Taking Lives (film)

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Taking Lives
A woman with a man behind her, his arm wrapped around her.
Theatrical release poster
Directed byD. J. Caruso
Produced byMark Canton
Bernie Goldmann
Written byJon Bokenkamp
Based onTaking Lives
by Michael Pye
StarringAngelina Jolie
Ethan Hawke
Kiefer Sutherland
Olivier Martinez
Tchéky Karyo
Jean-Hugues Anglade
Gena Rowlands
Music byPhilip Glass
CinematographyAmir Mokri
Edited byAnne V. Coates
Distributed byWarner Bros. Pictures
Release date
  • March 19, 2004 (2004-03-19)
Running time
103 minutes
CountryUnited States
Budget$45 million[1]
Box office$65.4 million

Taking Lives is a 2004 American psychological thriller film directed by D. J. Caruso and starring Angelina Jolie and Ethan Hawke, with supporting roles by Kiefer Sutherland, Olivier Martinez, Tchéky Karyo, Jean-Hugues Anglade, and Gena Rowlands. Loosely adapted from the novel of the same name by Michael Pye, the film centers on an enigmatic serial killer who takes on the identities of his victims.

The film was shot on-location in Montréal and Quebec City, Quebec. The original music score was composed by Philip Glass and the main title's theme was composed by Walter Werzowa of the electronica group Edelweiss.

The film was released in the United States on March 19, 2004 by Warner Bros. Pictures, where it received mixed-to-negative reviews.[2]


In the early 1980s, teenagers Martin Asher and Matt Soulsby meet on a bus to Mont-Laurier, Quebec. Seemingly uncertain of their ultimate destination, the two talk about their plans for the future. When their bus breaks down, the two acquire a car from a nearby garage. While Martin is driving, a tire blows. Matt struggles to change the tire and Martin comments on how he and Matt are both about the same height, and kicks Matt into the path of an oncoming truck, killing both him and the driver. Taking Matt's guitar and clothes, he walks away singing in a voice similar to Matt's.

Twenty years later, a successful FBI profiler, Illeana Scott, is summoned to help out the authorities in Montreal in apprehending a serial killer who assumes the identities of his victims, enabling him to travel undetected across North America. Martin's mother Rebecca claims to have seen her son alive and well on a ferry to Quebec City, leading to the body believed to have belonged to him being exhumed for forensic examination, and he becomes the primary suspect. Illeana, who has difficulty adjusting to her new surroundings and is distrusted by her local colleagues, interviews art dealer James Costa, an eyewitness who saw Asher kill his last victim. Costa makes a drawing of the killer and the authorities manage to track down the man's apartment, only to find a decaying corpse chained up in the ceiling. Illeana goes to Rebecca's house to question her about her son, and while snooping around discovers a hidden passageway behind a cabinet that leads to a secret room used to house young Martin, an unwanted and unstable younger child whom Rebecca neglected and saw as inferior to her elder son, whom Martin ultimately killed out of jealousy. Illeana is attacked by a hidden assailant, who escapes before she can identify him.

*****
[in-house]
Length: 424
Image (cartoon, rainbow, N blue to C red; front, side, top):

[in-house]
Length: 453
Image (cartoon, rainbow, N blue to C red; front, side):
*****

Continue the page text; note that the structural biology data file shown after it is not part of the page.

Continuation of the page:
Illeana determines that Asher is targeting people whose lives hold something his current one lacks, and that his latest target is Costa after his apartment is broken into and ransacked. Costa is subsequently used in a sting operation to lure and apprehend Asher, but the operation fails and Costa angrily refuses to be used as bait. During a show at his gallery, Costa is attacked by an assailant, whom Illeana tries to apprehend, but loses in the crowds after a foot chase outside. For his protection, the police decide to move Costa out of town, but the next morning Costa is confronted by the same assailant, who attacks him and demands to have "what he wants." Costa's police escort is killed when he tries to intervene, and the assailant takes Costa hostage with a gun and drives away. Illeana gives chase, and causes the car to crash and explode just as Costa manages to escape.

As Illeana is preparing to return home, Costa visits her in her hotel room. The two, having grown close over the course of the investigation, make passionate love on a chest of drawers and the bed, surrounded by gruesome crime scene photos. The next morning, Illeana awakes to find herself partly covered in Costa's blood. At first, she fears he is dead, but then he awakes, and they discover he had merely popped the stitches in his arm that he received after the auto accident.